It will be interesting to see how Kekana and the Latitudes team handle the sculptural component of the fair. It will unavoidably involve unflattening what is compressed by the internet, as well as allowing the thingness of sculpture to declare itself available for consideration across the various spaces – indoor and outdoor – at Shepstone Gardens. The unconventional setting, with its episodic layout and grandiloquent architectural pastiches, poses an explicit counterargument to the grid logic of most contemporary fairs.

But that is the big picture stuff. Curatorial ideas play out through specific things. The fair’s programming will include a substantial line-up of sculptural talent, including Abdus Salaam. His stacked work, Our Last Stone (2024), made from river boulders foraged in the Ceres region, was a major pause point at the recent Investec Cape Town Art Fair. Born in Cape Town but partly raised in Los Angeles, Salaam recently completed a residency at Nirox Foundation. Latitudes and THK Gallery will present a solo exhibition of new work made during his time at this sculpture park and artist’s retreat northwest of Johannesburg.

RMB Latitudes 2024 Featured Artist, Rina Stutzer, Stealing the Hole in the Sky, 2020, courtesy Everard Read Gallery

Over the years, Nirox has staged ambitious showcases exploring the role and prominence of sculpture in the story of contemporary art. Sculptural practice in South Africa is no longer reducible to bronze statues of animals and politicians of the old and new dispensations. The disruptions proposed by historical figures like Bruce Arnott, Edoardo Villa and Noria Mabasa – all past exhibitors at Nirox – opened the doors for the likes of Salaam and Nandipha Mntambo.

Mntambo will also show work at Shepstone Gardens, as part of an outdoor presentation of 20 or so works by nearly a dozen artists represented by Everard Read Gallery. Of the decision to present sculpture, Stephanie Le Roy, a curator with Everard Read, said the venue for the fair offered a strong prompt. “Shepstone Gardens provides a wonderful, almost other-worldly backdrop that seamlessly integrates art with nature, showcasing how sculpture can really shine outdoors.”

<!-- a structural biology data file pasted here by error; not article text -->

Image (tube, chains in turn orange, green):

Nicci Bailey – whose 2023 solo exhibition with Everard Read, A Gentle Entanglement, included a moving suite of bronzes portraying fallen birds in various scales – will show a rose quartz sculpture of a dog. Rina Stutzer, who makes affecting bronzes of crows and magpies, will show a 2020 work depicting a raven bearing a gold ring – a reference to Matthias Corvinus, the Raven King of Hungary and Croatia. Other gallery artists with work at the fair include Deborah Bell, Gail Catlin, Norman Catherine, Guy Du Toit, Dylan Lewis, Brett Murray and Angus Taylor, who will show two of his archetypal human figures made from a composite of bronze and stone.

“We tend to overlook stone as abundant and everyday – slightly more or less special than what can be found in your garden or park nearby,” Taylor explains in a fascinating interview with artist Johan Thom that introduces his recent Swiss-published monograph, Mind Through Materials (2021). “The intrinsic value or narrative of a specific stone is lost on most viewers if left as is. Through years of working with stone or exhibiting found stone objects, I discovered that, when presented in a resembling shape of, for example, a donkey or human being, it helps to elevate stone as material in its own right.”